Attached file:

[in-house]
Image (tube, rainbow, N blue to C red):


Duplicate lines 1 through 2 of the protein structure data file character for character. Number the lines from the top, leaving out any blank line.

[in-house]
Image (tube, rainbow, N blue to C red):